Trout Pool-ACEO

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What is ACEO?

Trout Pool is an ACEO collector card. I’ve explained what they are in detail in this post. Basically, they are collector card sized paintings (3.5”x2.5”) with a following of collectors worldwide.

Trout Have it Made

If you are very observant you might catch the similarity of this painting to another, larger oil painting called Forest Stream I. I enjoyed creating that painting so much I decided to repurpose it as “Trout Pool ACEO” so I could write a bit about how Nature’s surface beauty usually veils far more than meets the eye.

The occupants of this trout pool beneath the small waterfall for instance, are blessed with ideal surroundings. Insects from the upper canopy are blown into the water by the wind or rain. And in certain seasons insects hatch on the forest floor and even beneath the water. They emerge and drift about, some landing on the surface of the trout pool. Where they are promptly taken as sustenance.

So, aside from having a delightful cold water habitat, trout have their food served to them from Nature herself. Their only adversary being humans, and their location usually being somewhat to very remote, they pretty much have a good life. All that veiled by the beautiful flowing water and scenery taking center stage. Likewise for lizards, salamanders, frogs and good ol’ worms. They are there, we just don’t notice.

A Studio Piece

Forest Stream I is currently available and hanging in the studio. So it was easy to reference it to paint Trout Pool ACEO. Using a large reference painting to paint an ACEO collectible card can be a challenge due to the huge difference in size.

To make it easy to transfer the image I used the ages old grid method with a modern twist. There is an app called “CopyIt” available for iPad and Mac that loads a pic of any painting upon which you want apply a grid. You then lightly pencil the same grid (only proportionally smaller) on your blank ACEO card.

Now you have easy reference from the large painting as it relates to the grid and the small painting as it relates to the grid. This makes it simple to transfer the rough sketch to the ACEO card.From there I painted in watercolor washes to get the rough layout down. Then followed that with gouache (opaque watercolor) to finish the little painting. Painting with gouache is similar to painting with oils, only in the finished result. The techniques and methods are very different. Gouache being much faster to dry and allow layering. It’s a really fun and handy medium once you master it.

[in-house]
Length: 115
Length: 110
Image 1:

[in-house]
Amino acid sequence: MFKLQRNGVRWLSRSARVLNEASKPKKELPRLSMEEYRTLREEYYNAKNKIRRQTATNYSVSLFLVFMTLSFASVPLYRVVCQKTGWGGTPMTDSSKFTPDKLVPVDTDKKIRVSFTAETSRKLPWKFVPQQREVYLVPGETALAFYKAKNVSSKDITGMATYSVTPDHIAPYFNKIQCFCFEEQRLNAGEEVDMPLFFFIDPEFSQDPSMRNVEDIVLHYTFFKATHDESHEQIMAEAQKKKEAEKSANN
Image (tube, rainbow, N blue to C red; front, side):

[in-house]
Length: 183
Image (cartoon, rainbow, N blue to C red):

Rather than purchase a set of gouache paints, just purchase titanium white and zinc white gouache and use your existing watercolors to mix your colors. Titanium white will give you absolutely opaque colors. I use zinc white to develop steam or fog passages since it’s semi-transparent. Here’s a good example of a zinc white mist effect with titanium white opaque used in the waterfall and stream in another ACEO painting.

Gouache is truly versatile

Whether you’re painting en plein aire, sketching in color or working in the studio, you will find gouache readily adapts to the situation. With a very simple watercolor kit and a tube of titanium white and zinc white you’re all set. Watercolor sketchbooks or paper are ideal for gouache since its water based. Hand Book journals make a nice outdoor format for either sketching or formally painting gouache landscapes outdoors. Likewise for Moleskine watercolor journals.

I like the non-watercolor Hand Book Journals for sketching in watercolor and gouache. Even though the paper is thin, it takes lightly applied wet media well, and when dry, buckling is minimal. If you’re going to be heavy with the water the go with the watercolor journals of either Hand Book or Moleskine.

I really like the portfolio size Moleskine watercolor journals because they are larger. Watercolor blocks are also a great option indoors or out. Arches watercolor blocks and paper are hard to beat for wonderful handling of watercolor and gouache.

By the way, all these links are products I use daily and I’m not an affiliate to any of the vendors. They just happen to be the best prices I’ve found and provide great service and products. They are my go to suppliers.

Alpine Stream-ACEO

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Colorado Alpine Stream

This is an alpine stream scene from an area in Colorado known as Paradise Divide, near Crested Butte. There is a beautiful headwater alpine stream that runs through the narrow valley and eventually feeds into the Gunnison River. This alpine stream piece was done on site and is an ACEO collectible card. Read more about ACEO art by having a look at this piece when you’re done here. I explain about the genre there.